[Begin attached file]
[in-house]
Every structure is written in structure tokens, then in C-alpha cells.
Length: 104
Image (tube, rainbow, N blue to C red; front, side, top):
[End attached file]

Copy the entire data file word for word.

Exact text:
[in-house]
Every structure is written in structure tokens, then in C-alpha cells.
Length: 104
Image (tube, rainbow, N blue to C red; front, side, top):